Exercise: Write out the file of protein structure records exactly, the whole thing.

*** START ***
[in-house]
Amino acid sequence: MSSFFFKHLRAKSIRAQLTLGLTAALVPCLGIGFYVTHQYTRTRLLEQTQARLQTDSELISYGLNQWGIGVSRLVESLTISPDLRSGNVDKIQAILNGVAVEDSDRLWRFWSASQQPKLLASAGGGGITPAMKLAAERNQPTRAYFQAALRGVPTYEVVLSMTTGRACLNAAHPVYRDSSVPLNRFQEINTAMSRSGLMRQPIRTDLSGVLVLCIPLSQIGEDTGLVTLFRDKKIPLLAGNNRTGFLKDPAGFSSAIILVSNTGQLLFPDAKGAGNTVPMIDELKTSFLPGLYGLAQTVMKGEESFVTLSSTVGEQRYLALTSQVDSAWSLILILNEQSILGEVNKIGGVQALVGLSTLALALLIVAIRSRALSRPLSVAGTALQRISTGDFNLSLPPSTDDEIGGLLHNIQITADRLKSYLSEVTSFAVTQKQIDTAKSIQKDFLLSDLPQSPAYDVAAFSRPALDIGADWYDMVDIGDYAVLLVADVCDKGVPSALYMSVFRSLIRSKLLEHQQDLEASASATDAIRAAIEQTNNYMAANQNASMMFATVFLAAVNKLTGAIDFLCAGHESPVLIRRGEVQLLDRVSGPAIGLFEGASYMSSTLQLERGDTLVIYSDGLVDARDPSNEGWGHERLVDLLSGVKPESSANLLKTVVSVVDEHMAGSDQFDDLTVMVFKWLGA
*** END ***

[in-house]
Amino acid sequence: MSSFFFKHLRAKSIRAQLTLGLTAALVPCLGIGFYVTHQYTRTRLLEQTQARLQTDSELISYGLNQWGIGVSRLVESLTISPDLRSGNVDKIQAILNGVAVEDSDRLWRFWSASQQPKLLASAGGGGITPAMKLAAERNQPTRAYFQAALRGVPTYEVVLSMTTGRACLNAAHPVYRDSSVPLNRFQEINTAMSRSGLMRQPIRTDLSGVLVLCIPLSQIGEDTGLVTLFRDKKIPLLAGNNRTGFLKDPAGFSSAIILVSNTGQLLFPDAKGAGNTVPMIDELKTSFLPGLYGLAQTVMKGEESFVTLSSTVGEQRYLALTSQVDSAWSLILILNEQSILGEVNKIGGVQALVGLSTLALALLIVAIRSRALSRPLSVAGTALQRISTGDFNLSLPPSTDDEIGGLLHNIQITADRLKSYLSEVTSFAVTQKQIDTAKSIQKDFLLSDLPQSPAYDVAAFSRPALDIGADWYDMVDIGDYAVLLVADVCDKGVPSALYMSVFRSLIRSKLLEHQQDLEASASATDAIRAAIEQTNNYMAANQNASMMFATVFLAAVNKLTGAIDFLCAGHESPVLIRRGEVQLLDRVSGPAIGLFEGASYMSSTLQLERGDTLVIYSDGLVDARDPSNEGWGHERLVDLLSGVKPESSANLLKTVVSVVDEHMAGSDQFDDLTVMVFKWLGA